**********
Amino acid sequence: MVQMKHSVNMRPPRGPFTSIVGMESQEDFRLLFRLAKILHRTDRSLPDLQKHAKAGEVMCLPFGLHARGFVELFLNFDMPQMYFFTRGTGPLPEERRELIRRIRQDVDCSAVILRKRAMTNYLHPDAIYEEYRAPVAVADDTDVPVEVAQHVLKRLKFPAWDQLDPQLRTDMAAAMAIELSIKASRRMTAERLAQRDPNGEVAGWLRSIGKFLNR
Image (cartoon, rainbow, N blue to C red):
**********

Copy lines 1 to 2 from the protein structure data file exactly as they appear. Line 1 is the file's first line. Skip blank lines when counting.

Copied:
Amino acid sequence: MVQMKHSVNMRPPRGPFTSIVGMESQEDFRLLFRLAKILHRTDRSLPDLQKHAKAGEVMCLPFGLHARGFVELFLNFDMPQMYFFTRGTGPLPEERRELIRRIRQDVDCSAVILRKRAMTNYLHPDAIYEEYRAPVAVADDTDVPVEVAQHVLKRLKFPAWDQLDPQLRTDMAAAMAIELSIKASRRMTAERLAQRDPNGEVAGWLRSIGKFLNR
Image (cartoon, rainbow, N blue to C red):